The researchers at Aalto University developed synthesis and processing routes for development of ceramic nanocomposite materials, which resulted in a breakthrough in improving the ionic conductivity of the fuel cell electrolyte materials.
A record high ionic conductivity of 0.55 S/cm at 550oC has been achieved at Aalto University. Fuel cells fabricated using these nanocomposite materials produced an outstanding performance of 1.06 W/cm2.
Ceramic fuel cell technology has a tremendous potential for sustainable clean energy production. With the help of these superionic nanocomposite materials, the operating temperature of the fuel cells can be significantly reduced. This low temperature operation helps in improving the long-term stability of the devices.
‘With the help of these superionic materials, the losses due to ionic transport in the electrolyte layer are dramatically reduced, which makes it possible to produce fuel cells performing over 1W/cm2. We envision to reach a fuel cell performance of 2.5 W/cm2 by depositing these potential materials with modern printing method’, Docent, Dr. Muhammad Imran Asghar says.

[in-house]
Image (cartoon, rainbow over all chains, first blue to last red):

This work is a part of an EU-Indigo project funded by the Academy of Finland. The partners in the project include Aalto University, University of Oslo, University of Aveiro, Indian Institute of Technology – Delhi, CGRI – CSIR Kolkata and VESTEL Turkey.
The synthesized superionic materials were characterized with various microscopic (SEM, TEM), spectroscopic techniques (XRD, Raman, FTIR) and other analyses (BET analysis, DSC, TGA) techniques. The high performance fuel cells were characterized using electrochemical impedance spectroscopy and voltage/current-density measurements.
Details regarding the results can be found in the articles published in International Journal of Hydrogen energy and Frontiers of Chemical Science and Engineering.
Source : Aalto University